‘Tis the season for goal planning. Are you taking part? My husband and I set aside time each winter to set goals for the coming year. This has been incredibly beneficial for our marriage and family!
I wish I could say that faithfully setting goals means we consistently achieve them. Unfortunately, this isn’t how it works. Sometimes we get sidetracked and end up quite far from accomplishing our goals.
When I take a good, honest look at our attempts to achieve our goals, I can see that there are certain factors that support our goal achievement and certain factors that undermine it. These lead me to believe that the following strategies are essential if you and I are going to reach our goals this year.
How to actually achieve goals
- Set the right goals. We’re more likely to achieve well-thought-out goals than goals that are chosen haphazardly. Consequently, many people set their goals using the SMART criteria (see below for details). I tend to bristle at using a strict formula like this, but experience tells me that I’m more likely to achieve my goals when I use a systematic approach.
- Pray. As followers of Christ, we should seek the Lord as we plan and work towards achieving our goals. Praying helps us to set goals that grow us in areas where the Lord is working. It also strengthens us as we face challenges when trying to reach our goals.
- Review the goals often. “Out of sight, out of mind” is an old adage that remains quite relevant today. If we don’t see and read over our goals often, then we don’t remember them! In order to see mine frequently, I keep a copy of them in my home management binder.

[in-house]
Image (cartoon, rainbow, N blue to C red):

- Stay motivated. Barring impediments from situations beyond our control, most of us will achieve our goals if we have sufficient motivation. Though we often have a lot of motivation when we set goals, our motivation tends to wane over time. There are a couple of easy things we can do to stay motivated.
- Be intrinsically motivated. It is unlikely we will stay motivated if we’ve set goals to please our spouses, children, friends, or employers. We must have a personal desire to reach our goals if we are going to be successful.
- Recall why the goals are important. Our motivation snowballs when we take time to list the various benefits of achieving our goals.
- Visualize the end result. Previewing what life will be like when we achieve our goals can be a powerful motivator when we get complacent or face obstacles.
- Identify key tasks for success. Knowing how to achieve something is often just as critical as knowing you want to achieve it. This is why I include a column to document key tasks for success on our goal planning worksheet. I have a tendency to rush through this portion because I sometimes think that the goal is the only important part. I’ve occasionally fallen short on my goals because I’ve failed to develop action plans based on key tasks.
- Get accountability. Sometimes we need to grab friends and loved ones to bring alongside us as we attempt to reach our goals. When we share our goals with friends and loved ones, they can hold us accountable by asking what progress we’ve made and by challenging us to work harder. Sometimes this accountability provides the extra motivation I need to attain a goal I’ve found particularly difficult.
- Adjust goals when needed. Sometimes our circumstances change and make it very challenging or even impossible to achieve goals we’ve set. Instead of giving into the temptation to be discouraged when this happens, we can adjust our goals so they are once again relevant and achievable.
What do you think of these strategies? Do they seem helpful? How do you plan to stay on track with your goals this year?